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The Department of Energy’s Lawrence Berkeley National Laboratory recently conducted a study of the (EESS) energy efficiency services sector workforce needs.  In its’ findings, there’s a shortage of formal training programs in energy efficiency and a need for more funding to train the trainers also and is a high demand right now. This growth is in part due to the funding for energy efficiency programs both federal and state budgets through the use of American Recovery Reinvestment Act Funding.

Berkeley Lab researchers decided to examine whether education and training programs were adequate to meet the workforce needs of the next ten years; and to define the energy efficiency workforce sector, including occupations, employers need and current education and training approaches, as this had not been explored in previous studies. Although this study began in 2008, prior to the passing of the Recovery Act; a lack of formal training programs could hamper the rate of expansion. The building and construction trades make up around 65-70% of the energy efficiency services sector.

For results of the study, click here to read the presentation.

The following recommendations were made as a result of the study:
• Providing targeted education and training programs for the construction and building trades.
• Coordinating and tracking training efforts particularly in states that do not already have well established  energy efficiency programs and to share best practices across states.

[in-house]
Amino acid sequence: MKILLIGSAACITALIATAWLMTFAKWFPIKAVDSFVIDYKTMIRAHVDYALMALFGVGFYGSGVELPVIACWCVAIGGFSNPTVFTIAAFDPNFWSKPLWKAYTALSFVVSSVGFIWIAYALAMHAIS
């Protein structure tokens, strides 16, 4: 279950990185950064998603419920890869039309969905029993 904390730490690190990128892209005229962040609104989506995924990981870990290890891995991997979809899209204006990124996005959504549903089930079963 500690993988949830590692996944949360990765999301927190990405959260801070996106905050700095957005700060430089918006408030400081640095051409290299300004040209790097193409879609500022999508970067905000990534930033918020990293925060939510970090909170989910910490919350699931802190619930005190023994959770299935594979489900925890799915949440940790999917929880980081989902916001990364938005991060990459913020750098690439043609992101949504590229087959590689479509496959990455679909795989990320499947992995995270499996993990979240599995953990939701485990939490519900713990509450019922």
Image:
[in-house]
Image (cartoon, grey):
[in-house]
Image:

• Increase short-duration, applied trainings to augment on-the-job training for existing EESS workers and to introduce new entrants to the field.
• Increase funding to train the trainers.
• Prepare the next generation of EESS professionals.

Click here for a detailed summary of the report.

Kentucky's ten local WIA Boards Request for Proposals were sent out in November and December of 2009 asking that they partner with Registered Apprenticeship programs and bring forward innovative ideas on how to expand Pre-Apprenticeship/Apprenticeship participation.

After the Pre-Apprenticeship training phase the plan would be for the participants to graduate directly into Registered Apprenticeship programs.  The Registered Apprenticeship  programs are managed by the various partners.  The education/training of recruits is to start in April as well as request for initial funding draws.

Three Workforce Investment Areas in Kentucky were awarded a total of $718,954.  The Greater Louisville WIA received $250,000, the Green River WIA received $250,000 and the Northern Kentucky WIA received $218,954.  All three WIA’s have begun recruiting eligible persons into the Pre-Apprenticeship programs they established in partnership with Registered Apprenticeship programs and others in their geographic areas.

The Greater Louisville WIA expects to enter 72 persons in its two Pre-Apprenticeship training programs.  Twelve of those will be in an intensive Welding program and the other sixty in a general construction program co-developed with Louisville Building & Construction Trades Council.  The latter program will feed graduates into an existing program called the Louisville Pipeline.

The Green River WIA (Owensboro, KY) expects to enter 75 persons in a construction pre-apprenticeship program that will be closely tied to its partners in Electrical, Heat & Frost Insulators and general Construction Trades.

The Northern Kentucky WIA (Covington, Newport, Florence, KY) is shooting for 90 entrants in its Pre-Apprenticeship program.  Bricklayers, Electricians, Plumbers and Sheet Metal industries/unions are the main partners in this program.

"How Are The Local WIA Boards Partnering With Registered Apprenticeship In Your  City?"

U.S. Department of Labor
has awarded SER Metro-Detroit, Jobs for Progress, Inc. and the International Training Institute for the